When you select a motor, controller and power supply, you must start with the motor. Then select a controller that is adequate for the motor. Finally select a power supply that is adequate for the controller.
For the motor, you first determine the speed and torque that the load requires. The motor that you selected appears to be capable of supplying 3000 gram-cm of torque at 1450 RPM at the output of the gear. It requires 12 volts for full-speed operation and appears to require 5.28 amps to produce rated torque. Saying "appears to" indicates that the wording of the specification is not completely consistent throughout all of the product description.
In selecting the controller, the maximum output voltage must 12 volts. Higher voltage would make the motor run faster. Running the motor a little faster might be ok, but it is better not to do that. The maximum output current must be at least 5.28 amps. It would be good to select a controller that can supply 150% of the rated motor current. The motor will tend to draw more current when it starts and during acceleration. The controller needs a "soft start" or a "current limiting" feature. If it lacks that, the motor may draw up to 10 times the rated current momentarily when it starts. It is better to prevent that rather than selecting a controller that can supply 10 times rated current.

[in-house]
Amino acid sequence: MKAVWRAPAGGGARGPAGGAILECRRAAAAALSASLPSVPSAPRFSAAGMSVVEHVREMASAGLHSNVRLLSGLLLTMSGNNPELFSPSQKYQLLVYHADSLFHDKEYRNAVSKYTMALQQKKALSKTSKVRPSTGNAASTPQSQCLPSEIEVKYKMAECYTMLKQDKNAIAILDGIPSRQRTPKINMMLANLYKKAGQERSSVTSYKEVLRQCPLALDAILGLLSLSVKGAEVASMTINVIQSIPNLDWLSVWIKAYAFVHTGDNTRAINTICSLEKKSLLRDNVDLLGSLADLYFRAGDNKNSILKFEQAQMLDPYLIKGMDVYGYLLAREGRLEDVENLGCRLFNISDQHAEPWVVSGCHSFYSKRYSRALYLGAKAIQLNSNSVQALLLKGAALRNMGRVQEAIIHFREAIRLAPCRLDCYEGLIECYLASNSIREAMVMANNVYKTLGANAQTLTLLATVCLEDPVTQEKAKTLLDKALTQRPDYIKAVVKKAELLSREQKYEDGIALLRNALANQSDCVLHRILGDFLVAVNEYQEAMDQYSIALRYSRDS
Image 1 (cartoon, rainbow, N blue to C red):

All three of the controllers mentioned in your comment appear to be adequate. Two of them have current limit adjustments that will protect the motor from overloading if they are properly adjusted. One is self protecting, but will not protect the motor as well as the other two will.
The power supply must be selected to provide the voltage and current required by the controller. The output voltage and current may need to be a little higher than the controller output voltage and current because of losses in the controller. If it doesn't matter if the motor can not quite reach full speed, the input voltage does not need to exceed the rated motor voltage. If the controller does not limit the motor voltage, it will be limited by the power supply voltage. The power supply may not need a current limiting feature. If it has such a feature, the controller output current may need to be higher than the momentary current limit of the controller.
I would be inclined to use a simple power supply that has only a fuse to protect it and depend on the controller to protect the motor.